Thursday, December 31, 2020



Chicanonautica wishes you a Happy New Year, over at La Bloga.

This last year was really something:

Who knows what the next one will be like:

Who knows what the next few weeks will be like:

Just remember, it’s not the end of the world:

Wednesday, December 23, 2020



On first Day of the Dead 2020, the dead children were honored with Venus rising over San Luis Obispo that I captured before we took off for Morro Bay, past some plutons (“an igneous intrusion is a body of intrusive igneous rock that forms by crystallization of magma slowly cooling below the surface of the Earth,” according to Wikipedia), toward the Pacific Ocean that I hadn’t seen in years.


There were a lot of Mexican food places in Morro Bay, but then, this was California, Aztlán.


Cambria was still decorated from their Scarecrow Festival. Near San Simeon, and the Hearst Castle, fat, healthy zebras grazed along with horses and cows, putting visions of zebra burger stands in my head. Sea lions lounged on a beach.


Soon we passed the famed Esalen Institute and stopped at the Coast Art Gallery, where Mike sells some of his drums near a gallery of Henry Miller paintings. This was Big Sur, and there was no cell service, but my phone started chirping after we passed a sign welcoming us to THE OFFICAL BIG SUR.


Soon we were in a forest of baby redwoods.


Emily pointed out a grove where there was a house that she said had to belong to El Cucuy.


The combination of Halloween and the election made for a weird weekend. Roadsides along the Pacific Coast Highway near Carmel were clogged with parked cars, overflowing from beach parking lots. Not many masks or much social distancing--we stood in the car. Yaks grazed in the hills. A car flew a Trump flag. 


Went through Monterey on our way to Santa Cruz. Passed a town called Freedom with its own Freedom Boulevard.


We couldn’t stay at the Super 8 in Watsonville because it was still full of evacuees from a fire back in August.


The next day was the Día de los Muertos, when the spirits of dead adults are said to come back to visit the living. It was foggy--I couldn’t remember the last time we had fog in Phoenix. And we had trouble finding coffee in Santa Cruz.


As we left town, there was a demonstration at a church that was the opposite of the Trump patrol. Freedom of expression--it’s what America is supposed to be all about.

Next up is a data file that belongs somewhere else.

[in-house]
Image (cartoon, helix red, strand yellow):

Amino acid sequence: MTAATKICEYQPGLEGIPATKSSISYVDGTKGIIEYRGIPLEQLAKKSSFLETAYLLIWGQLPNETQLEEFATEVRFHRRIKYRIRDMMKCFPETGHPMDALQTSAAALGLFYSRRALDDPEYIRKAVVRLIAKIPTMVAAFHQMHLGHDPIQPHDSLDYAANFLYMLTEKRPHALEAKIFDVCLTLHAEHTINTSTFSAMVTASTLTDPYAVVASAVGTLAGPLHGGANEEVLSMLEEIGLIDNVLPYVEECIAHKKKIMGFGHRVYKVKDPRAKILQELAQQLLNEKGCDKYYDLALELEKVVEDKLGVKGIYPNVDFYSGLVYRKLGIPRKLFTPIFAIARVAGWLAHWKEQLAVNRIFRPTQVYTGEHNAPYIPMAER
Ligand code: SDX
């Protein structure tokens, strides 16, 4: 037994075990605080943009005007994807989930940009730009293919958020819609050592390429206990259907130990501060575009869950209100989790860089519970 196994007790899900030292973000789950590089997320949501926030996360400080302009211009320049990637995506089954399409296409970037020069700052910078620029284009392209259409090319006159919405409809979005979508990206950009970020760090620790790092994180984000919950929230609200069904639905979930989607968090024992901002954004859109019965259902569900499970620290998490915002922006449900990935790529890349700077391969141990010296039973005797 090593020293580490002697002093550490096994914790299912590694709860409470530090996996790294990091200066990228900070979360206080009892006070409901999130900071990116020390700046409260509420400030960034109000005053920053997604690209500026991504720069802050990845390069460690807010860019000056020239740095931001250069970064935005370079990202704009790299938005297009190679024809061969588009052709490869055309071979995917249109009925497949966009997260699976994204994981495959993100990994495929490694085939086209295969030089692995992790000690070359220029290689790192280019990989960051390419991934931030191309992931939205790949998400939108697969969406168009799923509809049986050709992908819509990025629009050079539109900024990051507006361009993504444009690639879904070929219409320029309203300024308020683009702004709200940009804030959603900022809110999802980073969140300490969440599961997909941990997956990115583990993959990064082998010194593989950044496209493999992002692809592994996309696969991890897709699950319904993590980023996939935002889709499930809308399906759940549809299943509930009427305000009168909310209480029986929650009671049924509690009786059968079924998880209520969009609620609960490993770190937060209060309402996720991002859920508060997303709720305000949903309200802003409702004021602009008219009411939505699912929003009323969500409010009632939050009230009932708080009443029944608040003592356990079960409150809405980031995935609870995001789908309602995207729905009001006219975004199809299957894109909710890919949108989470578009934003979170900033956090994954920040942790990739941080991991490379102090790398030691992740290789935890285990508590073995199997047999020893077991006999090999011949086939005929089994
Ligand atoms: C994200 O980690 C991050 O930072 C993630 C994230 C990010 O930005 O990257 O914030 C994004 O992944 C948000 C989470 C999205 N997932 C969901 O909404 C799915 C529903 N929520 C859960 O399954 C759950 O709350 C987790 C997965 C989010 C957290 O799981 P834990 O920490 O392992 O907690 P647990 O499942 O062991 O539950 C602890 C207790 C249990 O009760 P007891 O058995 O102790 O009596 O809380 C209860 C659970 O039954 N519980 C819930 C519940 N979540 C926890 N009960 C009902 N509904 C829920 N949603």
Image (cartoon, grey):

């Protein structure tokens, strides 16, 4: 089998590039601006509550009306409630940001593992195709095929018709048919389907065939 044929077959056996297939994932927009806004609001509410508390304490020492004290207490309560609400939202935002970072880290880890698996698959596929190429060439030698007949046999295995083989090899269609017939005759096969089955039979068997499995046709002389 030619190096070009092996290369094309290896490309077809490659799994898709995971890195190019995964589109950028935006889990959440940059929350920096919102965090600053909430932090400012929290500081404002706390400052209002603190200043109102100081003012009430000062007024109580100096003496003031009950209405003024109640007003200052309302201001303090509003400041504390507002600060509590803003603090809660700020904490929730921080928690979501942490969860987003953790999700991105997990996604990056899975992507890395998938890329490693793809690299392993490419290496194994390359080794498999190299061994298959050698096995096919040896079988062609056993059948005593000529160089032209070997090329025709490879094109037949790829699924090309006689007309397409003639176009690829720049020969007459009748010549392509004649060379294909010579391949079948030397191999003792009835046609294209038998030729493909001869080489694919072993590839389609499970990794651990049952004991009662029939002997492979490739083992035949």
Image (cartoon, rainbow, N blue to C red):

Half Moon Bay was pretty even in the fog that had burned off as we entered San Francisco. We took some pictures from the Golden Gate Bridge.


Near Stinson Beach, a  road sign was festooned with a FUCK TRUMP graffito. Good ol’ American free speech again.



We were long out of the desert, into the forest. Most of the time there was beach on one side and forest on the other. This was the far edge of Aztlán, a different climate, colder, wetter. Still most of the people working in the stores were Latinoid.


That night I dreamed that a classic lowrider with a dazzling purple paint job dropped off a box that was addressed to me. In it was a tiny snail that grew to twenty times its original size. Then it glowed and gurgled . . .


There were a lot of Black Lives Matter signs along the road, and one Trump sign at a beach.

We stood at the Ocean Cove Lodge, which has a spectacular view of the setting sun over the glittering Pacific.


The next day was Election Day. Sometimes this holiday weekend is Halloween/Días de los Muertos/Election Day. An extra long Dead Daze.

If I had thought of it, I could have had Smoking Mirror Blues end with an election, disheveled, costumed revelers lining up at the polls . . . maybe it’s better that I didn’t.

Voting was going well as we got back on the highway, and spent the day driving through the seaside forests. 

For miles and miles all the buildings looked like they were the work of the same architect. House and and other structures were all simplified, with geometric edges and a lack of details that made it all look like what we thought the future would look like back in the twentieth century. Bland utopia, decaying into dystopia.


Em and I masked up and got out to pick through the colorful, surf-smoothed pebbles of Glass Beach as ravens and seagulls fought a turf war. I had forgotten what beaches smelled like--salty, fishy, decaying . . .


The twisty, tree-lined highways along the rock-studded surf beaches (with surfers) took us to a lot of funky, little towns where you wander around and find homespun, found-object surrealism.

We stopped and took pictures of the Grandfather Tree: an 1,800 year-old living thing.

Then surfer country gave way to redwood country, and Bigfoot exploitation country.